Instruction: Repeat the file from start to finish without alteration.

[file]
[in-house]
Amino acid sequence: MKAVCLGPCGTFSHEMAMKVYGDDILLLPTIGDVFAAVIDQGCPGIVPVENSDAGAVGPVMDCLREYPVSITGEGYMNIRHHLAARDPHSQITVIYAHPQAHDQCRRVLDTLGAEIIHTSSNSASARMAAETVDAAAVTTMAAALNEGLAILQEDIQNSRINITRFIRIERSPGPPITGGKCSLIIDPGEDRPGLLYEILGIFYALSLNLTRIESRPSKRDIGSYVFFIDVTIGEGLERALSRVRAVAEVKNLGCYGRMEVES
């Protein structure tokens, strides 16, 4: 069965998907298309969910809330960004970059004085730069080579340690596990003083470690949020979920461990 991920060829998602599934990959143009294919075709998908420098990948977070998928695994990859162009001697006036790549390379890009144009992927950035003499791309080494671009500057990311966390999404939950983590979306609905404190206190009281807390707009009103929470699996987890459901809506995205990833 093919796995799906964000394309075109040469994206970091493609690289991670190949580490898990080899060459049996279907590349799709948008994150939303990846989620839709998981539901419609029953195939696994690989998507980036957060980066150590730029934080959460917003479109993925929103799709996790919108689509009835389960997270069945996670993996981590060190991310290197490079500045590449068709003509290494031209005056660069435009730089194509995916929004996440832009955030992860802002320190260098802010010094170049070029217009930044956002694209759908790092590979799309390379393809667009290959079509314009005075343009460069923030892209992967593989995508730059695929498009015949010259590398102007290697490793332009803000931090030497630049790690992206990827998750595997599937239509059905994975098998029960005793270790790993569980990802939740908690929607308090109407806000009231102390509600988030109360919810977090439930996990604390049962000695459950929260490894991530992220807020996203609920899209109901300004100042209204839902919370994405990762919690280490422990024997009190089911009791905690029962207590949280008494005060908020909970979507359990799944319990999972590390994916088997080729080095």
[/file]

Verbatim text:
[in-house]
Amino acid sequence: MKAVCLGPCGTFSHEMAMKVYGDDILLLPTIGDVFAAVIDQGCPGIVPVENSDAGAVGPVMDCLREYPVSITGEGYMNIRHHLAARDPHSQITVIYAHPQAHDQCRRVLDTLGAEIIHTSSNSASARMAAETVDAAAVTTMAAALNEGLAILQEDIQNSRINITRFIRIERSPGPPITGGKCSLIIDPGEDRPGLLYEILGIFYALSLNLTRIESRPSKRDIGSYVFFIDVTIGEGLERALSRVRAVAEVKNLGCYGRMEVES
């Protein structure tokens, strides 16, 4: 069965998907298309969910809330960004970059004085730069080579340690596990003083470690949020979920461990 991920060829998602599934990959143009294919075709998908420098990948977070998928695994990859162009001697006036790549390379890009144009992927950035003499791309080494671009500057990311966390999404939950983590979306609905404190206190009281807390707009009103929470699996987890459901809506995205990833 093919796995799906964000394309075109040469994206970091493609690289991670190949580490898990080899060459049996279907590349799709948008994150939303990846989620839709998981539901419609029953195939696994690989998507980036957060980066150590730029934080959460917003479109993925929103799709996790919108689509009835389960997270069945996670993996981590060190991310290197490079500045590449068709003509290494031209005056660069435009730089194509995916929004996440832009955030992860802002320190260098802010010094170049070029217009930044956002694209759908790092590979799309390379393809667009290959079509314009005075343009460069923030892209992967593989995508730059695929498009015949010259590398102007290697490793332009803000931090030497630049790690992206990827998750595997599937239509059905994975098998029960005793270790790993569980990802939740908690929607308090109407806000009231102390509600988030109360919810977090439930996990604390049962000695459950929260490894991530992220807020996203609920899209109901300004100042209204839902919370994405990762919690280490422990024997009190089911009791905690029962207590949280008494005060908020909970979507359990799944319990999972590390994916088997080729080095």